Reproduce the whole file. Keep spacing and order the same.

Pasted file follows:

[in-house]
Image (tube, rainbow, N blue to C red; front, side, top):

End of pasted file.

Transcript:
[in-house]
Image (tube, rainbow, N blue to C red; front, side, top):